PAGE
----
Welcome to Alenbonné, a coastal city with picturesque promenades along the canals and where the ghosts never sleep. A country where spirits and murder are just a breath away.

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Down the hall were angry voices, and entering the surgery, I gave Inspector Barbier standing at the doorway a nod of acknowledgment.

“Thanks for coming, Elinor. Welcome to the circus.”
Unlike his sergeant, he wore every-day clothes for the working man: a brown tweed coat, with matching trousers and a waistcoat with black buttons. Barbier’s long dour face was that of a mournful hound disappointed with his life: large brown eyes, flat hollow cheeks, and a long black mustache that brushed the corners of his mouth. With his chin tucked to his chest, he was slowly stroking the ends, a sign of deep concentration.

It was the surgeon, Doctor LaRue, who was arguing. She was at least twenty years older than my almost-thirty, rail thin, like a vine bean, with an oval face and a nose that would shame the beak of a water bird.
She wore dark blue trousers and a black vest, a daring choice for a woman. Her rolled-up shirtsleeves exposed strong sinewy forearms that were still red, evidence she had scrubbed them with the harsh bar soap used in the morgue, but her apron was still white, proving she hadn’t started the autopsy yet.

The doctor was a very skilled butcher of men, but not so excellent as a bedside healer; she was a blunt speaker and without a grain of sentimentality. I found her a good friend.

The only other occupant of the room was a woman I knew little about but recognized: Madame Nyght. She was a flashy bird among us plain crows, dressed in a bold black-and-white striped satin, with the smallest waist the best corset could make, and a stylish hat that dripped with jet fringe.

You might mistake Nyght for a rich man’s mistress. In truth, she was a huckster, a fraud who amused the rich. I wish I had her clientèle.

“I don’t care who told you to be here. This is my surgery and I am in charge here,” snapped Dr. LaRue.
“Do you think I wish to be here looking at your dead meat? Taken from my home and escorted here by a gendarme?” Seeing her wild gestures puncturing the air made me believe the rumor that she had once worked on the stage before becoming a Ghost Talker.

Madame Nyght pointed at me. “First you ask for my help, then you insult me by bringing this donkey here?”

“As I’ve been saying, I don’t want you here,” replied Dr. LaRue tersely.

“Is she calling me a donkey?” I asked, turning to Inspector Barbier.

“Don’t feel insulted. She called me a mule, and Dr. LaRue, a goat.”

“A fixation on barnyard animals, perhaps?”

“You’d have to take that up with a mind-doctor. I only catch them, not explain them.”

Madame Nyght made a dismissive hiss and waved her hand at us all. “Do I crawl into the gutters and look for dead bodies? No. I am Madame Nyght. I am genteel and talk with spirits in the drawing rooms of the best society.”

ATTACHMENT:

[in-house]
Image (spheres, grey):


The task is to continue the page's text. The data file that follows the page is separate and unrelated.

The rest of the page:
Behind me, a voice with the harshness of a northern accent said, “And tonight we will be grateful for whatever your talents can reveal to us about this mystery.”

The Duke de Archambeau had arrived.

Delicious Death #2

Thwarting an assassination wasn’t on the menu.

Elinor’s holiday is ruined when a poisoner targets a royal guest. What’s even more irritating? The duke thinks he can solve the case before she can.

In the southern town of Vouvant, Elinor’s goal was to eat rich food at the Winter Revels, but an attempt on the king’s life implicates her favorite chef. Between saving a young society lady and solving the problem of a widower who grieves too much, she has her hands full.

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Surprised at seeing him, I forgot how to apply the brakes. There was a flash of a white face and startled eyes before Lady Valentina opted for the safety of the grass. Meanwhile, the duke took the collision of my bicycle with his back. Since boulders do not bounce, I sadly lost the day.

“Madame Chalamet, may I assist you?” The duke’s voice was politely detached, as if he was asking a poor relation to partner him at a dance held at an inferior establishment.

As I gripped the duke’s hand to stand up, I heard a ripping sound. The chain held my skirt! So much for the safety guard; the manufacturer would get a strongly worded letter and a bill for damages tomorrow.

“Stop moving. You’re making it worse,” commanded the duke. He bent down to untangle the hem of my skirt. “You’re free now, but I fear your machine isn’t in good shape.”

Sadly, I looked down to find the front wheel crooked and bent. How would I get it back to the Crown?

“Tristan!” said Lady Valentina, who was being helped to her feet by a passing stranger.

He ignored her, asking me, “Are you hurt? That was quite a tumble.”

“No, I’m fine.”

This meeting threw me into confusion and I felt myself blushing. The last time we had seen each other was two months ago after solving the mystery of the king’s tiara, and this wasn’t the meeting I had fabricated in my mind. It was supposed to take place with me wearing an elegant evening dress and greeting him with a smooth laugh. Instead I looked an absolute fright, with grass and grease stains on my skirt and my hair trailing down my back.

As usual, he was impeccable in his turnout. Walking coat, frock coat, trousers, and vest, all tailored to perfection. His snow-white cravat was tied in the square knot style known as The Intellectual.
Lady Valentina came to his side and possessively put her arm within his own. “Since Madame Chalamet says she is fine, can we continue our way through the park? Or does she want to knock us down again?”